Sea Urchin, a Staple of Sushi, is in Danger of Disappearing

Although sea urchin roe remains highly sought after, the sea urchin fishing industry faces serious decline


Overfishing and an invasive species of kelp pose serious threats to the sea urchin population.

There’s nothing particularly inviting about the sea urchin (sometimes also called the sea hedgehog) from the outside, but the dark and slow-moving creature is an important part of the cuisine of Japan, China, Chile, and the Mediterranean regions to name a few. Sea urchin roe, or uni, is a delicacy in high demand in Japan and amongst haute cuisine chefs around the world.

The urchin fishing industry, centered in Nova Scotia, now faces the decline of what was once a $2.5 million industry, according to reporting from The Atlantic.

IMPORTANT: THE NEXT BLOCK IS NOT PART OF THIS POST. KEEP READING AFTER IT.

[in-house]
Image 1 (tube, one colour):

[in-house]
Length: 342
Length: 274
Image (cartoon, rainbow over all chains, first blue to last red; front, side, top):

The sea urchin population of the Atlantic Ocean faces an invasive species and the problem of overfishing because of its popularity has put the small, spiky creature in danger of being gone for good.

In the last two decades, the “Green Gold Rush” took over Nova Scotia, Maine, Boston, and other “urchin hubs.”

In the U.S., the urchin decline has been attributed to overfishing, but in Nova Scotia, the urchin faces an invasive species of kelp that entangles sea urchins and prevents them from reaching their food sources. Fishermen have to tear the urchins out of the kelp, thus risking getting hurt by a poisonous spike.

Tye Zinck, a sea urchin fisherman for several decades, noted that he has never seen the kelp before this season, and that the end of the industry in Nova Scotia is drawing near.

“The only thing worse than fishing is making up for it,” he told The Atlantic. “I’m hoping to get at least one more season out of it.”

Karen Lo is an associate editor at The Daily Meal. Follow her on Twitter @appleplexy

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